Time running out for Titanic tourist submersible missing in rough seas

The submersible lost contact with its support ship less than two hours into a six hour dive.

Time is running out for three tourists, a researcher and one pilot aboard a submersible surveying the Titanic's wreckage at the bottom of the North Atlantic Ocean. The 22-foot submersible only has 40 more hours of life support capability left for the five aboard after it went missing Sunday during rough weather and high seas. 

"We were notified yesterday afternoon, and we began immediately to mobilize assets to search both the surface and the water search from the air, and then also launch equipment that would enable us to detect any vessels under the water as well," Rear Admiral John Mauger of the U.S. Coast Guard told FOX News' John Roberts.

The wreckage of the doomed ocean liner sits about 2.4 miles below the surface and 370 miles from Newfoundland, Canada, where the submersible and support boat took off from. That is about 900 miles from Massachusetts, home of Mauger's USCG crew heading up the rescue mission.


Billionaire businessman Hamish Harding posted on Facebook on Saturday that he signed on to be a mission specialist/tourist for the expedition. He said a weather window opened up, and the crew was planning to start the dive around 4 a.m. on Sunday.

"The team on the sub has a couple of legendary explorers, some of which have done over 30 dives to the RMS Titanic since the 1980s, including PH Nargeolet," he posted. "More expedition updates to follow IF the weather holds!"

The New York Post confirmed with Harding's family that he is on the expedition.

The support boat that the submersible depends on lost communication with the vessel about one hour and 45 minutes into the dive, according to the USCG. The dive was scheduled to last for six hours and communicate via Starlink satellites.


Rough weather hampering search efforts

Roberts reported that the craft is designed to surface automatically after any malfunction. Failure to do so would suggest a catastrophic failure or possible entrapment.

Rough weather in the area is making the search difficult for both boats and planes searching the surface and below with sonar. A Canadian research vessel, USCG boats and planes and Canadian boats and planes have and will continue to head to the remote area.

"This is a comprehensive approach to try and locate this submersible," Mauger said. "But it is a large area of water, and it's complicated by local weather conditions as well."

The craft is 22 feet long, about the size of a minivan. The submersible is pictured on a platform boat in the Tweet below.

Wave heights during the launch of the submersible through midday Monday were up to 6 to 9 feet. FOX Weather forecasts more reasonable wave heights Tuesday and Wednesday but still at 3 to 6 feet.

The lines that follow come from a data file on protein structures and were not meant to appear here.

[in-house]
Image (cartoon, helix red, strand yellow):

Sustained winds have been blowing between 10 and 15 mph Monday, churning up those waves.

At this point, searches are limited to visual searches from planes and boats and "listening" for signs from the the submersible with sonar. The Canadian and American governments are working with private companies to bring in equipment to do a comprehensive sonar survey of the bottom, Mauger said.

"This is on the site of a wreckage, the wreckage of the Titanic. And so there's a lot of debris on the bottom. And locating an object on the bottom will be difficult," said Mauger. "But we will bring all assets to bear that we can to try and find the that submersible and rescue the crew members."

Working tourists

American-owned OceanGate Expedition runs the 10-day trip, eight at sea. The website explains that crew members will take 18 dives off the larger support boat in that time, about 6 hours each or 10 hours "dome closed to dome open."

OceanGate President Stockton Rush talked to FOX Weather's Amy Freeze previously about the expeditions. He said the tourists pay $250,000 each to become "mission specialists." He said this was not a tourist trip because there were no passive members of the crew.

"They receive training throughout four months ahead. We have training sessions, and then on the ship, we will train them on how to operate the sonar, the communication systems, photography, things like that," Rush said. "And so they both fund and participate in the mission." 

The privately owned company successfully completed over a dozen similar expeditions worldwide, encompassing more than 200 dives. He said Titan was the only submersible that had a toilet.

According to the website, this should have been the fifth Titanic mission of 2023. Harding's post indicated otherwise.

"Due to the worst winter in Newfoundland in 40 years, this mission is likely to be the first and only manned mission to the Titanic in 2023," read the Facebook post.

The legendary Titanic hit an iceberg just four days into her maiden voyage in 1912. It took the lives of more than 1,500 of its 2,224 passengers.